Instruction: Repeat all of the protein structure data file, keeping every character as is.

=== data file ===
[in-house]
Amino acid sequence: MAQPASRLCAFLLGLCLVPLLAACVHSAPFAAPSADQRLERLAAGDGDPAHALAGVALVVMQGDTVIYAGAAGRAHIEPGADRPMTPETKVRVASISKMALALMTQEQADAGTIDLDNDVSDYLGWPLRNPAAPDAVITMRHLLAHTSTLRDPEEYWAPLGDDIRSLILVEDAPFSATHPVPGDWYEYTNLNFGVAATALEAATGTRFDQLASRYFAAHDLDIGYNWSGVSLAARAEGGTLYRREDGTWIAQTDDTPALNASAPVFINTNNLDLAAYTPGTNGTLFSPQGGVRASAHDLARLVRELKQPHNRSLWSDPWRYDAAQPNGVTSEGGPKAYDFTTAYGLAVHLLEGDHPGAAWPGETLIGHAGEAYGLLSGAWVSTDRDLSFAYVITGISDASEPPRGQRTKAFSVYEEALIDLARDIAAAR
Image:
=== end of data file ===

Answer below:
[in-house]
Amino acid sequence: MAQPASRLCAFLLGLCLVPLLAACVHSAPFAAPSADQRLERLAAGDGDPAHALAGVALVVMQGDTVIYAGAAGRAHIEPGADRPMTPETKVRVASISKMALALMTQEQADAGTIDLDNDVSDYLGWPLRNPAAPDAVITMRHLLAHTSTLRDPEEYWAPLGDDIRSLILVEDAPFSATHPVPGDWYEYTNLNFGVAATALEAATGTRFDQLASRYFAAHDLDIGYNWSGVSLAARAEGGTLYRREDGTWIAQTDDTPALNASAPVFINTNNLDLAAYTPGTNGTLFSPQGGVRASAHDLARLVRELKQPHNRSLWSDPWRYDAAQPNGVTSEGGPKAYDFTTAYGLAVHLLEGDHPGAAWPGETLIGHAGEAYGLLSGAWVSTDRDLSFAYVITGISDASEPPRGQRTKAFSVYEEALIDLARDIAAAR
Image: